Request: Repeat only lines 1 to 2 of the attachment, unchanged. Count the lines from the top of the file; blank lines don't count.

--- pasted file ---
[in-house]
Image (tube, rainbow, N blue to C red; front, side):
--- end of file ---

[in-house]
Image (tube, rainbow, N blue to C red; front, side):